So the mystery began. Introduced by tangible, ancient writings which foretold the details of a Messiah’s coming. Given substance by a child’s verifiable birth. Witnessed by the music of the spheres as sung by angels. Confirmed by lowly shepherds and attested by star-crossed wisemen. Who knew the innermost secret of this mystery which endured its first day in the comfort of manger straw? No amount of philosophical speculation or theological investigation will reveal the man we know as Jesus.
I for one never put on my Christmas hat the day after Halloween, and certainly not before. That has to wait til the Friday after Thanksgiving when Christmas music finds its way to every musical outlet in my life. Outdoor decorations come next — after all, you never know when the weather may shift for the worse. Then come the tree, lights, candles, evergreen branches and whatever else my enthusiasm can conjure up. Maybe it’s a throwback to the excitement of my childhood. Maybe it’s that nebulous “Spirit of the Season.” Maybe it’s the warmth of family around the Advent wreath with the season’s recurring prayers. Whatever it is, I’m eager to be immersed in this winter holy day and all that comes with it.
It’s the day after Christmas (which may occur on the 26th or anytime up through January 1st) which is a bit troubling — sort of like that old song: “The party’s over. It’s time to call it a day.” Fortunately, the church has arranged its liturgical year to let us down more gently than secular society would have it. First we get the extension of the feast of Christmas through the next eight days. That is followed by the acclaim of Mary as the Mother of God and the remembrance of the coming of the wise men just a few days later. Only then do we enter into “ordinary time,” the period John calls “the last hour” and Paul calls “the end times.”
In any case, as the joyous noise of Christmas bells slowly fades, it seems particularly appropriate that we should turn from the wonder of a newborn child to the more sobering life of the troubled world we live in and the mystery which now envelopes it. To that end we are offered readings that demand reflection and meditation rather than celebration.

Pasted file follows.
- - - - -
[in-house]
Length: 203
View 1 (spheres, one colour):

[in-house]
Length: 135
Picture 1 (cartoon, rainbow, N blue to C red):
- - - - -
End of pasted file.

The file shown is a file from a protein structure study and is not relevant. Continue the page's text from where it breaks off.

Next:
Matthew introduced the Messiah’s birth with a genealogy he traced back to Abraham. Luke followed his infancy narrative with a genealogy he traced back to Adam. So Matthew makes sure his readers knew that Jesus was a Jew, while Luke made sure his readers knew that Jesus was truly human. John takes it one step further, taking Jesus’ origins back past Abraham, back past Adam, back into a time which precedes time. He wants his readers to know that Jesus is truly God.
The Word was God.
And the Word became flesh
and made his dwelling among us,
and we saw his glory,
the glory as of the Father’s only-begotten Son,
full of grace and truth.
So the mystery began. Introduced by tangible, ancient writings which foretold the details of a Messiah’s coming. Given substance by a child’s verifiable birth. Witnessed by the music of the spheres as sung by angels. Confirmed by lowly shepherds and attested by star-crossed wisemen. Who knew the innermost secret of this mystery which endured its first day in the comfort of manger straw?
Only in the wildest fantasy’s of mythological religions had a God become man. Not til Pentecost we’re the disciples convicted of the truth of Jesus’ divinity which, even then, remained a mystery for them. The early church struggled with those who were intent upon putting parameters on the mystery. The range of speculation was prodigious. The proffered solutions were boundless. Was Jesus really a man or only pretending to be a man? Did he have one nature or two; or . . . were there two blended into an entirely new, but singular nature. One will or two wills? One mind or two minds? One person or two persons? Which one suffered — the human or the divine? The consequent battles of those days, both physical and intellectual, might lead one to believe that theology and philosophy had been abruptly appropriated by Satan for his own purposes. Faced with mystery, some tried to solve the unsolvable rather than simply knowing the knowable.
To all appearances the questions and challenges were posed for the same purpose as similar questions posed by modern mystery writers: who is the man behind the events we have heard of or witnessed? Erle Stanley Gardner, Agatha Christie, Arthur Conan Doyle and a million others describe an event or events whose constituent elements suggest the convoluted, the secretive, or the impossible. The arrival of an infant on that night in Bethlehem suggests none of these, though the terms ‘wondrous,’ ‘amazing’ and ‘unexpected’ certainly come to mind. No amount of philosophical speculation or theological investigation will reveal the man we know as Jesus; for Jesus did not come to be a mystery, but to reveal the Father and the Father’s love.
The opening verses of John’s Gospel may seem to be abstract and intellectual because he opens with the line “In the beginning was the Word, and the Word was with God, and the Word was God.” But, once we remember that his words were rooted in three years of experience and decades of reflection, we know that neither philosophy nor theology were the guideposts for what he wrote. He knew the man, the one called Jesus, the Christ. This same Jesus invites us to simply accept the wondrous mystery of his presence and to learn to know him and the Father’s love.